As 2020 comes to a close, we’ll see a proliferation of year-in-review pieces highlighting how companies have navigated a remarkably unprecedented year. At Twitter, we’re proud of how we have continuously pivoted, first to protect and support employees during a global pandemic, and next by doubling down on our commitment to understanding and combating systemic racism and anti-Blackness in the United States and around the world.
But it would be a disservice to all of the hard work that’s occurred across our business to solely focus on the curveballs the year has thrown us. At the beginning of the year we unveiled a bold new vision for 2025 and our initial plan for the hard work required to drive progress across the company. I’m proud to say that despite the unpredictable nature of 2020, we’ve still made meaningful progress against these goals, and I want to tell you about it.
First, a quick refresher on the vision we set forth early this year: by 2025, at least half of our global workforce will be women, and at least a quarter of our US workforce will be underrepresented minorities. Check out our Q4 diversity numbers to see the steady progress we’ve made in 2020.
Along with that bold vision, as a company we doubled down on deeper commitments across leadership, transparency, and accountability — all to drive progress along our journey to be the world’s most diverse and inclusive tech company. Here are a few highlights from our work across the company:
Accountability starts at the top. So in addition to the company-wide goals set for workforce representation, we worked with our executive team to clearly define their proportional share of responsibility for driving progress, taking into account the size of the businesses they lead, their open headcount, projected pace of hiring, and average attrition rates.
In order for our approach to work, every employee at Twitter needs to be aligned on what we’re trying to achieve — not just the executive team. That’s why in 2019 we created an internal diversity dashboard so any Tweep can track in real time how we’re doing against our workforce representation goals by gender (global) and race/ethnicity (US), with filters for leadership and technical/nontechnical roles — and hold us accountable.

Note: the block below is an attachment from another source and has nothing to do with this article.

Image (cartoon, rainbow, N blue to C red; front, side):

We recently launched version 3.0 of our diversity dashboard which dramatically expands transparency across these metrics, providing visibility across the board to give Tweeps the opportunity to critically examine how their team is doing and be part of the solution. In version 3.0, the only instances where we restrict visibility on the diversity dashboard is when the size of the team is too small to maintain the privacy of our Tweeps.
Responsibility for I&D progress belongs to all of us. That’s why the new dashboard also includes an action roadmap that outlines five simple steps every Tweep can take to drive progress in their part of the business.
We also spent 2020 exploring ways to build on our industry-leading transparency on workforce representation to include impact or outcome-based metrics. One of the things we are looking at is representation in leadership roles and pay equity. Our first step in this new area examines differences by gender, which we will share in our annual report early next year. Work is also underway to increase pay transparency and starting in 2021, we’ll share with Tweeps the pay bands for their individual position.
Another important body of work this year was around promotions. Like most companies, we often get questions from Tweeps who want to better understand how promo decisions are made. So in addition to sharing with Tweeps the results of a review of the audit of promo data that we conducted, we’ve launched a Consistency & Fairness Taskforce to review our promotions process across Twitter from end to end. This work will explore new measures to disrupt potential bias: a data-informed promotion readiness pipeline; increased transparency and consistency in the frequency, makeup and process of promotion committees; and increased communications and training about the process.
Finally, we’re pleased to have made even more strides this year in inclusive hiring (check out our career site for open roles!). Building on learnings from a pilot program in 2019, we have expanded our Diverse Slates Initiative (DSI) from Senior Director roles to all Manager and above roles across the company. Moving forward, for a hiring decision to be made on any open role, at least one woman (global) and one Black or Latinx candidate (US) must have been considered by the interview panel.
The expanded DSI is complemented by an Inclusive Hiring e-learning module centered on five principles we want every Tweep to understand and follow:
Taking stock of what actually went right in 2020 is quite the flex. But in retrospect, the strides we made across our inclusion and diversity efforts in leadership, transparency and accountability are significant. They represent the extraordinary efforts of Tweeps across every part of our business. Thanks to them, we’re continuing to take bold steps. Each is intended to push us, and our industry, forward. And we’re not stopping, #UntilWeAllBelong.